Looking for some good reading to expand your knowledge and youth-development practice? Youth Today speaks with leading experts in the field to share what’s on top of their reading lists. Consider this the synopsis for a master class or recommended reading by a trusted colleague. We spoke with Stephanie Krauss, senior fellow at the Forum for Youth Investment focusing on issues of youth readiness and competency-based education.
“How to Raise an Adult: Break Free of the Overparenting Trap and Prepare Your Kid for Success,” by Julie Lythcott-Haims, Henry Holt and Co, 2015, 368 pages
A bestselling book advocating the need for youth to learn greater self-reliance and responsibility free from excessive parental involvement to truly succeed in life.
“Handbook of Social and Emotional Learning: Research and Practice,” by Joseph A. Durlak, Celene E. Domitrovich, Roger P. Weissberg and Thomas P. Gullotta, The Guilford Press, 2015, 634 pages
Renowned experts craft this comprehensive and definitive textbook for the field of social and emotional learning.
“The Nurture Effect: How the Science of Human Behavior Can Improve Our Lives and Our World,” by Anthony Biglan, New Harbinger Publications, 2015, 288 pages
The science behind the importance of shifting our interpersonal and social structures to become more nurturing in order to better promote our well-being.
“On the Run: Fugitive Life in an American City,” By Alice Goffman, University Of Chicago Press, 2014, 288 pages
A riveting account of the intersection of racial profiling and the War on Drugs in a Philadelphian neighborhood.
“The Short and Tragic Life of Robert Peace: A Brilliant Young Man Who Left Newark for the Ivy League,” By Jeff Hobbs, 2015, Scribner, 2015, 432 pages
A best-selling biography of a brilliant African-American young man who left Newark to attend Yale University, only to struggle against the pressures of being one of few minority students at an elite university.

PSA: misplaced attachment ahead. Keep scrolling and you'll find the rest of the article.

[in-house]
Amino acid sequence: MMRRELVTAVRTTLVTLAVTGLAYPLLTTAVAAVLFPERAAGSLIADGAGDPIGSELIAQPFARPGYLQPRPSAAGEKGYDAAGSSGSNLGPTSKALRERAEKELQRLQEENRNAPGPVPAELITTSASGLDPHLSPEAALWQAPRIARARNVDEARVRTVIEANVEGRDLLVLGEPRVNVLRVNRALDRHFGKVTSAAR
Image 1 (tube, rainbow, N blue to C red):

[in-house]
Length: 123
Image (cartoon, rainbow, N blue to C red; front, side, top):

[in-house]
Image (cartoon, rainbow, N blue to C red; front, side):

“System Kids: Adolescent Mothers and the Politics of Regulation,” By Lauren J. Silver, University of North Carolina Press, 2015, 210 pages
A detailed portrayal of the special concerns facing teenage mothers as they navigate the child welfare system.
Postman, Neil and Weingartner, Charles, “Teaching as a Subversive Activity,” Delta Publishing, 1971, 219 pages
A profound analysis of the problems in teaching strategies espoused by our current educational system and solutions for improvement.
Lahey, Jessica, “The Gift of Failure: How the Best Parents Learn to Let Go So Their Children Can Succeed,” Harper, 2015, 304 pages
An explanation of the necessity to allow children experience the disappointment and frustration that occur from life’s inevitable problems so they can develop successful problem solving and coping skills and successfully function as mature adults in our society.
Meadows, Donella H., “Thinking in Systems: A Primer,” Chelsea Green Publishing, 2008, 240 pages
The follow-up to the international bestseller Limits of Growth, this is a systematic approach to developing the critical thinking skills necessary to thrive in the twenty-first century. Here, Meadows provides proactive and effective solutions to global problems.
Bryk, Anthony S., Gomez, Louis M., Grunow, Alicia and LeMahieu, Paul G.,“Learning to Improve: How America’s Schools Can Get Better at Getting Better,” Harvard Education Press, 2015, 280 pages
A scientific method combining the use of networks and disciplined inquiry to identify, adapt, and successfully enhance promising interventions in education.
Stephanie Krauss is co-director of The Readiness Project, an online journalism and advocacy center that helps give young people the tools they need to succeed. A senior fellow at the Forum for Youth Investment, she is also the founder of the Shearwater Education Foundation. Krauss also has taught for Teach for America and directed teacher training programs in East Africa.